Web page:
The other great thing about visiting Boudin’s two-story flagship building is the Museum and Bakery Tour. Located upstairs and totally free to enter, the San Francisco History Museum and Bakery Tour showcases the history of Boudin, along with exhibits on the history of San Francisco. This one-of-a-kind San Francisco history museum also provides wonderful views of Boudin’s legendary bakers at work in the bakery.
12. Go Ice Skating
If you are visiting San Francisco during the holidays, take your teen ice skating!
There are three major rinks in San Francisco operating during this time:
- The Holiday Ice Rink at Embarcadero Center: Located adjacent to the Hyatt Regency and across from San Francisco’s historic Ferry Building, the Holiday Ice Rink at Embarcadero Center offers views of the Bay Bridge and waterfront. Sessions cost $7 for children and $13 for adults. Skate rental is an extra $5.
- T-Mobile Winter Park at Civic Center: This rink debuted in 2018 in the heart of San Francisco. It is the newest seasonal ice skating attraction. Located in Civic Center Plaza, The Winter Park features an ice rink and expanded skating track that weaves through a lighted tree forest. Tickets are $13 for children and $18 for adults, including skate rentals.
- The Safeway Holiday Ice Rink in Union Square: This is probably the most popular of all the San Francisco Bay Area outdoor ice skating rinks. Families can skate in San Francisco’s iconic plaza beside a gorgeous tree and surrounded by festive lights and the sounds of the holiday season. If you’ve ever visited Rockefeller Center in New York City during the holidays, you’ll definitely get that same vibe in Union Square! General admission for the Safeway Holiday Ice Rink in Union Square including skate rental is $18.
13. Cartoon Art Museum
Located in Fisherman’s Wharf, the Cartoon Art Museum houses nearly 7,000 original pieces of cartoon art, including comic books, graphic novels, anime, political cartoons, and much more! Visitors of all ages can view original cartoon art, as well as have fun making their own comics and animations.
14. The Escape Game
Have you ever gone to an Escape Room? It has been on our list of things to try for a while, so when we discovered that San Francisco had an awesome one, we signed right up!
Located in the Financial District, The Escape Game is San Francisco’s #1 escape room and immersive adventure. There are five 60-minute adventures to choose from – Gold Rush, Special Ops, The Heist, Prison Break and Playground. We did the Gold Rush room; it was very challenging and super fun, and gave us a good chance to work together and bond solving problems and decoding the clues.
Since the Escape Game is very challenging and only recommended for ages 13 and older, this is the perfect activity to experience with your teens!
15. The Ferry Building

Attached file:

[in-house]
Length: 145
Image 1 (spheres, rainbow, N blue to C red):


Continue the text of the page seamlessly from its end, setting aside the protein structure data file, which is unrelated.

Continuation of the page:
Opened in 1898 as a train transportation hub, the Ferry Building is now a waterfront farmers’ market, shopping mall and gourmet food hall. Stroll through the gourmet eateries and shops and take in the building’s historic architecture and the wonderful Bay Bridge views! It’s an excellent place for families to grab a casual meal or even just an ice cream.
Where to Stay
We stayed at the Hyatt Regency San Francisco and it was the perfect hotel for us! Located on the Embarcadero, this waterfront hotel sports easy access to all transportation; the cable cars, F-line street cars, BART and ferry are all steps away!
The Hyatt Regency San Francisco has a gorgeous 17-story atrium lobby, fantastic Eclipse Kitchen & Bar restaurant, and – if you are so inclined to upgrade – a Club Level that offers breakfast, evening hors d’oeuvres with an honor bar, and nighttime desserts. It was great to not only be able to start our day with a quick and convenient continental breakfast, but also end it with a relaxing glass of wine (for me) and hot cocoa (my teen) and cookies overlooking San Francisco Bay.
We stayed in one of the hotel’s new King Water View rooms. These rooms are only 185-square feet in size, and perfect for two people max. The room may sound small, but with floor to ceiling windows overlooking the bay and historic Ferry Building, flexible storage space, and a surprisingly spacious bathroom, the size was not an issue for us at all! (Trust me, we’ve taken lots of cruises and this room was grand compared to cruise ship cabins!)
The Hyatt’s Teen Appeal
What makes these rooms even more special for a stay with a teen is that they are chock full of smart technology! The Hyatt’s new rooms include a 65” flat-screen TV (compared to 47” TVs in the hotel’s traditional rooms), Alexa voice-controlled thermostat, lighting, and blackout curtains, Google Chromecast and more! A virtual concierge with streamlined voice command allows you to easily contact room service, the valet or front desk.
As a fun added bonus, these waterfront rooms feature binoculars and a selfie stick to help make the most of the view!
For more information on the Hyatt Regency San Francisco or to make a reservation, visit their website at hyatt.com.
For more more information on planning your trip to San Francisco, check out the San Francisco Travel Association.